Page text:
There are few industries that are allowed to get away with as much as Big Tech does.
The reason for that is simple, these tech companies are sell outs to the radical Left and constantly do their bidding.
But now the Supreme Court might finally deal a death blow to Big Tech.
Big Tech has gotten away with too much for too long
When it comes to small businesses in America that compete day-in and day-out, the federal government is always happy to make their lives harder.
It’s the big guys engaged in anti-competitive and monopolistic practices who they seem to have much less interest in control and oversight over.
And when it comes to Big Tech, the Democrats and the Deep State would much rather use threats of antitrust actions as a cudgel than actually enforce existing business laws.
That helps them ensure tech oligarchs like Mark Zuckerberg snap to when the FBI comes knocking and gives a wink and elbow about what stories to censors or accounts to ban.
Not that they wouldn’t anyway.
These companies like Facebook, Twitter and Google can do whatever they want with little fear of repercussions as long as it falls in line with the elites’ left-wing aims.
However, that could change very soon thanks to the Supreme Court.
That is because it was just announced that the Supreme Court will be taking up a case that challenges the controversial Section 230 of the Communications Decency Act.
This section shields major tech companies and platforms from lawsuits over content posted by users of the site.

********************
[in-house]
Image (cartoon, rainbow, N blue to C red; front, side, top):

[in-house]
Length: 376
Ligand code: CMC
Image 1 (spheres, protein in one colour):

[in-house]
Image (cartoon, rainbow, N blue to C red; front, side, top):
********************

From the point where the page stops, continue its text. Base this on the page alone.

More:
This section also gives overwhelming authority to tech companies to monitor and censor material on their platforms.
Quite simply it allows tech platforms to act like a publisher and make “editorial” decisions – aka censor conservatives – while still being shielded from being sued for example for defamation when they publish lies that harm someone.
Donald Trump has criticized this section in the past, claiming that many large tech platforms were censoring or omitting conservative content.
Trump is on to something here, as many sites such as Google and Facebook have been caught burying major stories that would hurt Democrat Party politicians.
Similarly, they’ve banned or suppressed accounts of users they oppose politically while allowing others – like ISIS – to operate in open violation of their “content guidelines.”
Plaintiffs in Reynaldo Gonzalez, et al v. Google LLC, claim that Youtube and Google allowed terrorist organizations such as ISIS to post on their sites, and thus aided and abetted in the murder of American woman during the 2015 ISIS attacks in Paris, Axios reported.
The bottom line is, gutting or even narrowing section 230 would be a major headache for Big Tech.
Although it would limit the scope of what they can and cannot do with their platforms, it would also allow for accountability to be present.
This is absolutely crucial given that many tech companies are run by left-wingers who use their authority and power to silence conservatives time after time.
This immense power should not go unchecked, and the Supreme Court is right to act.
Cases like this continue Trump’s legacy
Although Donald Trump is not in the White House, his legacy lives on.
The most important aspect of his legacy is the way he shapes the courts and most importantly the Supreme Court.
The last year or two has been one major victory after another for conservatives.
These decisions, such as the Dobbs decision, prove why Trump was such a major success.
Putting strong principled conservatives into the Supreme Court was his pledge and he delivered.
The three conservatives he put in have not disappointed yet, and hopefully they will continue to decide on what is right for America.
The Left knows this which is why they are so desperate to either pack the Court, or delegitimize it in some way.
Never forget how multiple members of congress called the Dobbs decision and others “illegitimate.”
That is why securing the Senate this November is so important. Leftists must not be allowed to hijack the Supreme Court.
Stay tuned to Unmuzzled News for any updates to this ongoing story.